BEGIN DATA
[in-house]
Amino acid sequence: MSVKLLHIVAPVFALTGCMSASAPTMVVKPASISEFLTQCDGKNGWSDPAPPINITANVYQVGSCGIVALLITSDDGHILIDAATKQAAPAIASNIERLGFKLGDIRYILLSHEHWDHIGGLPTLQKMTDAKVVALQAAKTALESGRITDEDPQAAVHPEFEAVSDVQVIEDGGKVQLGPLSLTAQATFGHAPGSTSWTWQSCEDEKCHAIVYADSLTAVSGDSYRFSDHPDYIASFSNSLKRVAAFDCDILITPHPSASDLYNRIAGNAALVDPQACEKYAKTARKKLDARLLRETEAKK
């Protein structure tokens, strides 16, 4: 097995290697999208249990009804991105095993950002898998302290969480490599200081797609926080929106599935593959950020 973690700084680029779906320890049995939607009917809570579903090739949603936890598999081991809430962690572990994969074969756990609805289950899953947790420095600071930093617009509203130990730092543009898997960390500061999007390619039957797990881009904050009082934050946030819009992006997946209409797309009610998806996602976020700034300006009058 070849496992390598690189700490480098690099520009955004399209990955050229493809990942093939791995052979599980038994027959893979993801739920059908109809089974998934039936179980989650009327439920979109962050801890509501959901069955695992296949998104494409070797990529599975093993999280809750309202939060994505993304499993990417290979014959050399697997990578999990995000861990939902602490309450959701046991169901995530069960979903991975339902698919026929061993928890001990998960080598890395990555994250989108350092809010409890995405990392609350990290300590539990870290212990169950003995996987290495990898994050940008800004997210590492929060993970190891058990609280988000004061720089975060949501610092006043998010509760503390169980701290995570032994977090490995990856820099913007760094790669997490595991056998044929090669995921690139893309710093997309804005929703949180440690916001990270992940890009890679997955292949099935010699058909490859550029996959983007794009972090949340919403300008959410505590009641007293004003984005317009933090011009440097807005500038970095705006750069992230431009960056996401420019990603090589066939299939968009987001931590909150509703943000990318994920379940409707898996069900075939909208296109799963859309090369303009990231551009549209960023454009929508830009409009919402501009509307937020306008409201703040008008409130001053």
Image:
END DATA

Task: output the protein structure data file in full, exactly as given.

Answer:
[in-house]
Amino acid sequence: MSVKLLHIVAPVFALTGCMSASAPTMVVKPASISEFLTQCDGKNGWSDPAPPINITANVYQVGSCGIVALLITSDDGHILIDAATKQAAPAIASNIERLGFKLGDIRYILLSHEHWDHIGGLPTLQKMTDAKVVALQAAKTALESGRITDEDPQAAVHPEFEAVSDVQVIEDGGKVQLGPLSLTAQATFGHAPGSTSWTWQSCEDEKCHAIVYADSLTAVSGDSYRFSDHPDYIASFSNSLKRVAAFDCDILITPHPSASDLYNRIAGNAALVDPQACEKYAKTARKKLDARLLRETEAKK
């Protein structure tokens, strides 16, 4: 097995290697999208249990009804991105095993950002898998302290969480490599200081797609926080929106599935593959950020 973690700084680029779906320890049995939607009917809570579903090739949603936890598999081991809430962690572990994969074969756990609805289950899953947790420095600071930093617009509203130990730092543009898997960390500061999007390619039957797990881009904050009082934050946030819009992006997946209409797309009610998806996602976020700034300006009058 070849496992390598690189700490480098690099520009955004399209990955050229493809990942093939791995052979599980038994027959893979993801739920059908109809089974998934039936179980989650009327439920979109962050801890509501959901069955695992296949998104494409070797990529599975093993999280809750309202939060994505993304499993990417290979014959050399697997990578999990995000861990939902602490309450959701046991169901995530069960979903991975339902698919026929061993928890001990998960080598890395990555994250989108350092809010409890995405990392609350990290300590539990870290212990169950003995996987290495990898994050940008800004997210590492929060993970190891058990609280988000004061720089975060949501610092006043998010509760503390169980701290995570032994977090490995990856820099913007760094790669997490595991056998044929090669995921690139893309710093997309804005929703949180440690916001990270992940890009890679997955292949099935010699058909490859550029996959983007794009972090949340919403300008959410505590009641007293004003984005317009933090011009440097807005500038970095705006750069992230431009960056996401420019990603090589066939299939968009987001931590909150509703943000990318994920379940409707898996069900075939909208296109799963859309090369303009990231551009549209960023454009929508830009409009919402501009509307937020306008409201703040008008409130001053």
Image: